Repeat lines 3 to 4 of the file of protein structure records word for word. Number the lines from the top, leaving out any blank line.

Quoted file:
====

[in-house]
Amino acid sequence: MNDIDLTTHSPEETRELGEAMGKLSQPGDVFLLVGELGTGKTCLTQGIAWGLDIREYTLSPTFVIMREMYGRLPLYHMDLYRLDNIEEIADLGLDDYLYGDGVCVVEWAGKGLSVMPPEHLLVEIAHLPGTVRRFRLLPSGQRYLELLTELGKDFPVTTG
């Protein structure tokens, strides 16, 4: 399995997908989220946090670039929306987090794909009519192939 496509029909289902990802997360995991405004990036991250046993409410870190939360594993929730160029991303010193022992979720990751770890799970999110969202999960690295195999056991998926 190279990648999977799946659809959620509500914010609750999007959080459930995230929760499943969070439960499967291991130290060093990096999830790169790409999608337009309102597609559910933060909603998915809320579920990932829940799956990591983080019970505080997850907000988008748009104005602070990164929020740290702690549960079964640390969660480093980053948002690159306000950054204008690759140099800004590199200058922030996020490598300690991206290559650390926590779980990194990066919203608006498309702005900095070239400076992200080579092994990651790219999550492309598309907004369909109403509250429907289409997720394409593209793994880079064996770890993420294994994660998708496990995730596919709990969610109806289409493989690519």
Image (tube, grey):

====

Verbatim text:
């Protein structure tokens, strides 16, 4: 399995997908989220946090670039929306987090794909009519192939 496509029909289902990802997360995991405004990036991250046993409410870190939360594993929730160029991303010193022992979720990751770890799970999110969202999960690295195999056991998926 190279990648999977799946659809959620509500914010609750999007959080459930995230929760499943969070439960499967291991130290060093990096999830790169790409999608337009309102597609559910933060909603998915809320579920990932829940799956990591983080019970505080997850907000988008748009104005602070990164929020740290702690549960079964640390969660480093980053948002690159306000950054204008690759140099800004590199200058922030996020490598300690991206290559650390926590779980990194990066919203608006498309702005900095070239400076992200080579092994990651790219999550492309598309907004369909109403509250429907289409997720394409593209793994880079064996770890993420294994994660998708496990995730596919709990969610109806289409493989690519």
Image (tube, grey):